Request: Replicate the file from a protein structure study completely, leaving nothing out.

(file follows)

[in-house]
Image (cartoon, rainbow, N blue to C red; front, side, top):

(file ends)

[in-house]
Image (cartoon, rainbow, N blue to C red; front, side, top):